• Awesome :) I appreciate the help on that. I've noticed one problem though, which you might already be aware of. The outer-most cells in the map (the trees) have border encroachment from their neighbor cells. An example of this, is if you hover over and then off-hover the tree cell, you'll see the border area is very different from the cells next to it. Thoughts? – syntaqx Apr 8 '12 at 4:12
• @user121730 If I even understood what you mean, then it's because your drawCellRect method which uses a line thickness of 2 ends up drawing of the tile's bounds. When another tile is drawn on top of it, the extra portion that was outside of the tile's bounds gets cropped. So simply don't draw outside of the tile's bounds. There are many possible solutions, such as drawing the grid like this instead. – David Gouveia Apr 8 '12 at 5:12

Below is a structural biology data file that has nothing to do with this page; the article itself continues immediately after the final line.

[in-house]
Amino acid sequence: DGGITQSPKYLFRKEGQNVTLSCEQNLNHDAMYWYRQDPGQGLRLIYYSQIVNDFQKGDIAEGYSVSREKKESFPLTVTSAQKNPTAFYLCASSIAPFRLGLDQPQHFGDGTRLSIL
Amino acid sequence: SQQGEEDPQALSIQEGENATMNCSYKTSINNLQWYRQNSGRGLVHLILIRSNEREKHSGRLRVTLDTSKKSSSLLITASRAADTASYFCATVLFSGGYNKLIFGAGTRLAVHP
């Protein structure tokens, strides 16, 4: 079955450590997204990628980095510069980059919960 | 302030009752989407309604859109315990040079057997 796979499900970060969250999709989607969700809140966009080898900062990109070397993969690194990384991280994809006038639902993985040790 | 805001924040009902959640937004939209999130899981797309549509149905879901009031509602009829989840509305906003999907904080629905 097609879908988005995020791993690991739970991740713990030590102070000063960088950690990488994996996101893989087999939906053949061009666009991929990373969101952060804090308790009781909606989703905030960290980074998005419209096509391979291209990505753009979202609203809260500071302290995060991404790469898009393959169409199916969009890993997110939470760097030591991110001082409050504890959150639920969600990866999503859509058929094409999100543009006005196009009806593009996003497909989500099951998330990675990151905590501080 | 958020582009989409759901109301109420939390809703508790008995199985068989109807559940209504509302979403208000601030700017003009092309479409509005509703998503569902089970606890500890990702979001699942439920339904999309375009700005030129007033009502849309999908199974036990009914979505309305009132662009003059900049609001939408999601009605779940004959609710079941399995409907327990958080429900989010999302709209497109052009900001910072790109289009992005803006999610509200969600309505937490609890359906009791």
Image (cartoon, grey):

• @user121730 Or this. And on the previous comment I meant "ends up drawing outside of the tile's bounds" but only noticed the typo after 5 minutes. – David Gouveia Apr 8 '12 at 5:18
• @user121730 Also, I don't see what's your problem with multiple layers. It's exactly as you had considered. It's just a 3 dimensional array. It could either be map[layer][x][y] or map[x][y][layer]. The first one would be the easiest. Just do var mapData = new Array() and then mapData[0] = /* what you already have */, mapData[1] = /* second layer */ and so on. – David Gouveia Apr 8 '12 at 5:31
• Fixed the issue with the tiles, should've seen that one :P Updated link in the primary post. @David Gouveia: That just seems like it would be a lot of writes to the canvas? Is there really not a better way to do it? – syntaqx Apr 8 '12 at 5:38